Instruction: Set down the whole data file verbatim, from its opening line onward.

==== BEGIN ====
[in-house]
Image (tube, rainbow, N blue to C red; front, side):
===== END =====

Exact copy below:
[in-house]
Image (tube, rainbow, N blue to C red; front, side):